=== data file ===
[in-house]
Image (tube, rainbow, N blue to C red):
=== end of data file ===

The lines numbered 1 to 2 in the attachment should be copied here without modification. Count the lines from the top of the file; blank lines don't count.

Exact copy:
[in-house]
Image (tube, rainbow, N blue to C red):